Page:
By contrast, Forrester's theology and practice underscore an understanding of the bishop's role of guarding "the unfolding" that equates liberty with license, thereby shifting the locus of authority away from scripture, tradition, and reason to the individual's preferences (likes and dislikes) with respect to doctrine and liturgy. Opening that Pandora's box is a sure-fire way to undermine any basis for genuinely common prayer, and thus, by extension, undermines the conception of the Church as a Body in favor of affirming it as an aggregate sum of (more or less) like-minded individuals.

In short, the Forrester case offers a good illustration of what I've earlier characterized as the Over-Personalized Church:

The Over-Personalized Church embodies a model of authority we can term 'subjective autonomy.' Members are free to think, believe, and act as they individually please. Based largely on their personal preferences (likes versus dislikes), members choose whether or not to abide by Church norms and teachings. This Church embraces epistemic and ethical relativism. There is no such thing as Absolute Truth, only varieties of personal or subjective truths. Private judgment based upon individual reason and/or individual feelings is considered a virtue. Because the requirements for membership are so minimal, the Over-Personalized Church requires only a tangential consensus to maintain some semblance of a common life (e.g., 'we choose to be together because we individually like to do so').

It is a hopeful sign that, in response to this vision of the Church as articulated in Forrester's theology and practice, even many "progressive" Episcopalians appear to be saying "no."


Greg Griffith said...

Excellent post, Bryan. That last point, though - "even many 'progressive' Episcopalians appear to be saying 'no.'" - is the crack between the institutional left and the radical left in TEC, which will only get wider as the days go on. The left likes to point and chuckle at the difficulty the right has over women's ordination and evangelical/anglo-catholic differences, but that's nothing compared to the left's coming rupture over who Jesus Christ is and what He did on the cross.

Bryan Owen said...

Thanks for commenting, Greg. I think you're correct that there are divisions not only on the Right but also on the Left end of the spectrum. For too long, the Left has tended to think of themselves as a unified front against a Right that has the kinds of differences you've cited. But as I surf the blogosphere, it appears that the Forrester case is, indeed, exposing division withing the ranks of the Left between (as you distinguish them) the institutionalists and the radicals.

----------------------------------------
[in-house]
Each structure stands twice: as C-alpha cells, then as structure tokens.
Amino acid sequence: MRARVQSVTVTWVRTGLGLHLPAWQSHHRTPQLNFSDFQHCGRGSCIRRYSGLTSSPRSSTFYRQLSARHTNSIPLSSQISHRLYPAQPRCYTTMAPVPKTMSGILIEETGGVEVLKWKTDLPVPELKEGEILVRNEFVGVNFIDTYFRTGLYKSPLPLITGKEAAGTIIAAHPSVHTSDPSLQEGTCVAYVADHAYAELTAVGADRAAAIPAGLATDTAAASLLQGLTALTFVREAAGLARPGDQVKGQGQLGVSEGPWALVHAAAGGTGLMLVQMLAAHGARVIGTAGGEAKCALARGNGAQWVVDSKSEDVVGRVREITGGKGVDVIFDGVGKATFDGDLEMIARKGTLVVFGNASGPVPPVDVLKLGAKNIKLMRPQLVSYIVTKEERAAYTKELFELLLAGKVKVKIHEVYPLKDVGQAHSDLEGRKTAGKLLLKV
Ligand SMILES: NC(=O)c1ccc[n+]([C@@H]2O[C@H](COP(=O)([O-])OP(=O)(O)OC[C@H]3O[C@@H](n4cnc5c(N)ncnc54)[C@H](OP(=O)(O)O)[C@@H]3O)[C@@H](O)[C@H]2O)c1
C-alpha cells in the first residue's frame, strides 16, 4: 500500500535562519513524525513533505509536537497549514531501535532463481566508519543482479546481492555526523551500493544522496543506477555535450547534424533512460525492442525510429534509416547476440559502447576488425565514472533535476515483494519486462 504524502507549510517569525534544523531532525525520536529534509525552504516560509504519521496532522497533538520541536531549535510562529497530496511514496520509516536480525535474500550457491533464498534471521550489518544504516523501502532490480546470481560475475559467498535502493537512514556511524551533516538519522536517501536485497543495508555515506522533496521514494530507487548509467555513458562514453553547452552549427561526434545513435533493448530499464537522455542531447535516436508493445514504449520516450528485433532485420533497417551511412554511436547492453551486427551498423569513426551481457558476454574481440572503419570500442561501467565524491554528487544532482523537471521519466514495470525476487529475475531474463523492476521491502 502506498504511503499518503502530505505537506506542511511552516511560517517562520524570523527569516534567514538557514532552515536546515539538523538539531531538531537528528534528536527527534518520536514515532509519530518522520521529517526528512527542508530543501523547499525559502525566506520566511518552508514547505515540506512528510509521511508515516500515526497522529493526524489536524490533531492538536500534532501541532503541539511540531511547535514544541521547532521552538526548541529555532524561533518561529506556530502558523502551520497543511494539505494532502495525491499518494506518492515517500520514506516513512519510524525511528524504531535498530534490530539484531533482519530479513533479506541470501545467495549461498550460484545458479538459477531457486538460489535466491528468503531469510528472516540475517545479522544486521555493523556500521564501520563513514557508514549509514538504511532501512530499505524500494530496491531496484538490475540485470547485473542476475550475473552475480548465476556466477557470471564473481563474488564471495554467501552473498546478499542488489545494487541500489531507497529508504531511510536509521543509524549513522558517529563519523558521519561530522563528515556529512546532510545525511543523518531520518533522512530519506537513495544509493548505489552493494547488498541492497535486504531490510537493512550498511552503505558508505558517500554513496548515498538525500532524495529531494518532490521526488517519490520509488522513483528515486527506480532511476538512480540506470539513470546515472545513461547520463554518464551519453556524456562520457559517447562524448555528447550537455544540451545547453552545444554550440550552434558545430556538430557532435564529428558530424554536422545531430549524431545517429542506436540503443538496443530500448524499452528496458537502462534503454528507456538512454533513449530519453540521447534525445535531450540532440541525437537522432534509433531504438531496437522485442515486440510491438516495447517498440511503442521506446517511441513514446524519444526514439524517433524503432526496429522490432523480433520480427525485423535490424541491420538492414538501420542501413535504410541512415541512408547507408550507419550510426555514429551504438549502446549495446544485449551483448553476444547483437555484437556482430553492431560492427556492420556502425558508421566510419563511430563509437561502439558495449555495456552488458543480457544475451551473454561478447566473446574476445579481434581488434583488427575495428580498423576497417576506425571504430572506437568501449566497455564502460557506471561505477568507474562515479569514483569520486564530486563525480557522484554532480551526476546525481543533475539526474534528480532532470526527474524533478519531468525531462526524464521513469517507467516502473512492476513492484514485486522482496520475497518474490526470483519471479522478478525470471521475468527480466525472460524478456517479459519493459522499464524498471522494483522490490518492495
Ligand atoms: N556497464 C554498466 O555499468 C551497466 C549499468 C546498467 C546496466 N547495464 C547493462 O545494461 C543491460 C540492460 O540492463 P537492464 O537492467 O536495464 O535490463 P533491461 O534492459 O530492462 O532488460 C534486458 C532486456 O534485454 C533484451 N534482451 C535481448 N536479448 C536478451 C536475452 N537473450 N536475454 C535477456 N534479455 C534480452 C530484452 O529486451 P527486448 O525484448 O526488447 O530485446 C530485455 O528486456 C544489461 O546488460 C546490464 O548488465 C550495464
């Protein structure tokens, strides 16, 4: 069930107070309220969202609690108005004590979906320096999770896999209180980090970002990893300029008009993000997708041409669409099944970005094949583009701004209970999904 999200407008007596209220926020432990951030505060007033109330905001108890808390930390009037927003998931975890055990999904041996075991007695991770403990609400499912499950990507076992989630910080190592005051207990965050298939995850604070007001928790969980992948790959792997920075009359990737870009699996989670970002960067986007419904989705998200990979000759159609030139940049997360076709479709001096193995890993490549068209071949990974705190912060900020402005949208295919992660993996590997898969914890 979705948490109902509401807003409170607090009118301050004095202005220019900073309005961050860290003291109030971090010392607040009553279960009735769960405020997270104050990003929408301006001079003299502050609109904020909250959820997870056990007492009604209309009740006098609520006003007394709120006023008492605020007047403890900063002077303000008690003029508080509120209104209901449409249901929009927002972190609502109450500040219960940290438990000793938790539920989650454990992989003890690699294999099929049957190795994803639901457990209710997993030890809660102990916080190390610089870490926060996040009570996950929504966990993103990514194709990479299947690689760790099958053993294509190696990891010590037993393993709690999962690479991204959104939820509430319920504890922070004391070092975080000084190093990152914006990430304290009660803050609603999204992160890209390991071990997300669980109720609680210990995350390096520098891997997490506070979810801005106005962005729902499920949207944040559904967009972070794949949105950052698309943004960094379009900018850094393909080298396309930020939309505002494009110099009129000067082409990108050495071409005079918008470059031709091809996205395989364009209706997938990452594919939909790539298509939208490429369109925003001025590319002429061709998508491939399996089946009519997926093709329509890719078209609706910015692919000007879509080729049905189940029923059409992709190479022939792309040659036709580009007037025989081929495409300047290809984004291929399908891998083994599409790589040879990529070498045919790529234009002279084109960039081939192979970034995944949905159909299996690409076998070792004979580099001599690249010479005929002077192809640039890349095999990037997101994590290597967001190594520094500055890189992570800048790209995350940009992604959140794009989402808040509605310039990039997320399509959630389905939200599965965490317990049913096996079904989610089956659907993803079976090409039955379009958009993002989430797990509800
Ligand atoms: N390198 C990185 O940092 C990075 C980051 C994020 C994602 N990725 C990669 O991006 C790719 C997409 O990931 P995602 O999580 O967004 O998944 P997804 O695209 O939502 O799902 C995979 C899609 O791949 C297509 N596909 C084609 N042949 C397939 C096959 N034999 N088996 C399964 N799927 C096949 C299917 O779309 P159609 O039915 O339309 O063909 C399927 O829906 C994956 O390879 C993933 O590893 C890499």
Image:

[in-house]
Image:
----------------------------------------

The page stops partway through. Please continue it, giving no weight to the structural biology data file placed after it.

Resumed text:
And actually, to fine tune the distinction a bit, there are also Episcopalians that are "progressive" on issues in moral theology but also creedally orthodox. Some are "institutionalists," but some are willing to pitch their tents wherever they can find a home that is friendly to both their "progressive" views and to their creedal orthodoxy. Thus far, the Episcopal Church works for them.

There well may be a coming rupture, and if it happens for the reasons you've cited (the centrality of the person and work of Jesus Christ), it's a rupture that frankly needs to take place.

Joe Rawls said...

Forrester's statement says many positive things about theosis with which I heartily agree. But then he goes and cites people like Borg and Pagels, which will always activate my crap detector.

He seems to not want to acknowledge that all Eastern Christian spirituality--including that of the so-called Nestorians and Monophysites--presupposes a human-divine Jesus who experienced an extremely non-metaphorical resurrection from the dead and who remains directly accessible to us through the Eucharist. The Eastern tradition also has lots to say about the meaning of Jesus' death on the cross--which was no "accident".

Forrester seems to enjoy wearing Eastern spirituality like a costume, much like a white Boy Scout dressing up in buckskins and a feather headdress and calling himself an Indian.

His talk of "upholding" the Prayer Book while adopting new and eccentric liturgies which completely contradict the theological underpinnings of the BCP is too bogus to require extensive comment.

Christopher said...

The left-right categories are tired for so many reasons, mostly because I think a vast majority don't really fit into these cannards.

I have been counted on the "left" because of my "progressive" views on matters like the ordination of women and same-sex relationships. Yet, the former I came to from ruminating on Chalcedon and St Augustine (as did Sayers, for example), the latter from working through Scripture and its uses/limits (a la Hooker) and moral/ascetical theology from Patristics and monasticism. Both can be characterized as "left" and "progressive". Both could also be characterized as deeply conservative and traditionalist if the gospel is at the heart of what we're conserving and Who we're applying to our lives.